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Improve Your Photography Through Selective Focus

  Selective focus is a photography technique that can dramatically improve the beginning photographers images. Or any photographer for that matter. It is a technique by which only the subject of your photograph is in sharp focus.

  The better you can isolate your subject in a photograph, the better your image will be received. We do this using several photo techniques. Using the rule of thirds, selective exposure, perspective control, leading lines, and selective focus just to name a few.

  Selective focus is very easy to learn. It separates snap shots from a well made photo. Look at what your feel are some snap shots. Does the subject compete for attention with the background? Now look at what you feel are great photos. Is the background unobtrusive or out of focus? I'll bet it is.

Self Assignment: Learn Selective Focus

  Take a roll of film, or a fresh memory card and go out with your camera and look for a repeating pattern. Something like a fence row, a row of unobstructed telephone polls along a straight road, a row of parked cars, use your imagination. Any repeating pattern.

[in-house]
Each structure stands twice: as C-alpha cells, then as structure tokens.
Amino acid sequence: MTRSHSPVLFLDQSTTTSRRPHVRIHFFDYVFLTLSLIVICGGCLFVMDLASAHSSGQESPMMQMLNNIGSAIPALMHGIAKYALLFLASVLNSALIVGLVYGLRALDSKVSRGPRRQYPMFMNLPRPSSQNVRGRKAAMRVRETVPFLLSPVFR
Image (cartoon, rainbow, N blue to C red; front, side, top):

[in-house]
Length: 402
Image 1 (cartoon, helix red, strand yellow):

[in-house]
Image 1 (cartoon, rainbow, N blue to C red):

Now set your camera to Aperture Priority. If you are not sure how to do this then stop everything and read your camera manual now, then come back here. Place your camera on a tripod or some sort of support and set your aperture at the largest opening (smallest f-number). Now compose your shot so the repeating pattern runs through your photo from foreground to background. Pick just one object of the repeating pattern and focus on it. Make a shot. Now, don't change your focus, but set your aperture on the next f-stop or aperture number and make a shot. Repeat this through the whole range of aperture settings. Make notes as you go recording the frame number and exposure settings. Especially if you are shooting film. If you are shooting digital, you can use the EXIF information to retrieve this info at your computer.

Go through the resulting shots and take note of how much is in focus with each different aperture setting. What you will learn from this is how to isolate your subject by selecting your aperture to control depth of field (amount of sharp focus) and its effect on your exposure.

I have not included any example photos because I want you to go out and get your own. So get out and just do it. You'll be glad you did.


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